From the creation of Arkansas Territory to present-day Arkansas, road construction has been critical to the development of the state. The construction of roads helped to increase the population of the state in the early years by improving access to areas west of the Delta. The Delta, made up of swamplands, streams, and rivers located in eastern Arkansas, had always been a major obstacle to travel west from the Mississippi River. The earliest routes used for transportation in Arkansas were rivers and creeks due in large part to the number of open waterways in Arkansas and the fact that travel on foot was difficult in swampy areas. These waterways were used by Native Americans and early explorers. Later, Indian trails were used as the base for the earliest roads. The earliest types of roads constructed in the state were military roads and local “public” roads.
Military roads were constructed in Arkansas from the 1820s to the mid-1840s and used for troop movement. Some of the early trails in Arkansas were converted into military roads in the early 1820s. Two examples of these trails are the Southwest Trail, first used in the 1760s, and John Pyeatt’s Road, which Pyeatt built in 1807 from the Crystal Hill (Pulaski County) area to an Indian trail leading to Arkansas Post (Arkansas County).
One of the most important military roads in Arkansas was the Memphis, Tennessee, to Little Rock (Pulaski County) road. Crossing the swamps of eastern Arkansas had always been a hurdle to population growth in the state. The construction of a road from Memphis to Little Rock opened a conduit that would allow settlement in western parts of the state. By 1827, sixty miles of the road had been constructed from Memphis west toward Little Rock, with the rest completed by the mid-1830s. Typical specifications for these roads called for all brush and saplings six inches or less in diameter to be cut at ground level, all trees between six and twelve inches to be cut within four inches of the ground, and all trees over twelve inches to be cut within eight inches of the ground. With these specifications, only horses and light wagons were able to transverse the roads, and during the rainy seasons, they became impassible.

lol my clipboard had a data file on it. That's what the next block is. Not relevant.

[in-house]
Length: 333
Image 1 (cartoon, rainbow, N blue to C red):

Landowners under the authority of the county courts constructed local roads during territorial times and early statehood. These local roads were considered “public” roads, meaning that they were under the authority of the courts and open to all travelers. These public roads were constructed in Arkansas from the early 1820s to 1907. The earliest of these roads were affectionately known as “roads to nowhere” by travelers to the area because these roads did not connect towns but were farm-to-market roads. Generally, they began at a field or creek and continued on to a house or tavern, although sometimes they would end at a military road. Territorial law stated that when twelve landowners petitioned the county court for a road, the court would appoint three to five commissioners to determine the best place for the road, and all men between the ages of sixteen and forty-five years old, as well as all male slaves of the same age, would be required to work on the road in their township as assigned by the court. An interesting habit of Arkansas road users was to make a turnout around any obstacle blocking the road rather than removing said obstacle, which were mostly fallen trees. Sometimes, the old turnouts would be blocked, and a new one would be made. This phenomenon can be observed on a number of General Land Office Plat maps from the mid-1830s into the early 1850s.
As Arkansas became a state, two things happened concerning roads; the first was Act 167 of 1836, which stated that all public roads laid out in pursuance of the laws of the territory or state of Arkansas were declared public highways. This act codified the existing territorial laws and placed the responsibilities of construction and maintenance of the public highways in the hands of the county courts. Secondly, the U.S. government, in an effort to improve federal mail service, began a new wave of road construction and reconstruction of the existing military roads. These post roads were constructed from 1836 to the late 1860s under local contract at federal expense. The cost of this work was split by the U.S. Post Office and the Department of Agriculture. These roads provided a network for communication and commerce in areas with no steamboat access. Along with the construction of new roads, the old military roads were reconstructed as part of this system. The first of these roads, called “post roads” because they were built to facilitate the delivery of mail, in Arkansas was built very soon after statehood between Batesville (Independence County) and Lewisburg (Conway County). It utilized parts of the old Fort Smith (Sebastian County) to Little Rock military road, as well as new construction.